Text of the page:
Consciousness Redux: Measure More, Argue Less; February/March 2009; Scientific American Mind; by Christof Koch; 2 Page(s)
At the heart of science are judicious observations and measurements. This reality presupposes that something can be measured. But how can consciousness¿the notorious ineffable and ethereal stuff that can¿t even be rigorously defined¿ be measured? Recent progress makes me optimistic.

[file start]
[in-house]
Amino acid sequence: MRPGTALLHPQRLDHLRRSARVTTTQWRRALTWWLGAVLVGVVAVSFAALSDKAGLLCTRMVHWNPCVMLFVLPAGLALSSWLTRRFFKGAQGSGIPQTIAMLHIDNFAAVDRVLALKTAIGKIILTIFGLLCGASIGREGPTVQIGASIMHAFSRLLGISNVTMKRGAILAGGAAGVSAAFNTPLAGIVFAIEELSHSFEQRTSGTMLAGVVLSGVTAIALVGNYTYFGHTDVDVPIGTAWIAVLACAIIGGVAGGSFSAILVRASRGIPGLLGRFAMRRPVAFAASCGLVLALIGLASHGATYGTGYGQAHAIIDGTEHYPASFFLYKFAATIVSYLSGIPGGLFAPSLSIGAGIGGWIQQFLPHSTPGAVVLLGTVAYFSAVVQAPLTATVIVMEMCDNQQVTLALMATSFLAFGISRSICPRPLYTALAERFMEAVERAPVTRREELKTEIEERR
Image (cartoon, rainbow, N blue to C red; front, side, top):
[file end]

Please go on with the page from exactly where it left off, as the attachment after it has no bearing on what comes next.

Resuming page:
Consider a problem of great clinical, ethical and legal relevance, that of inferring the presence of consciousness in severely brain-damaged patients. Often the victims of traffic accidents, cardiac arrests or drug overdoses, such patients have periods when they are awake, and they may spontaneously open their eyes. On occasion, their head turns in response to a loud noise, or their eyes might briefly track an object, but never for long. They might grind their teeth, swallow or smile, but such activities occur sporadically, not on command. These fragmentary acts appear reflexlike, generated by an intact brain stem.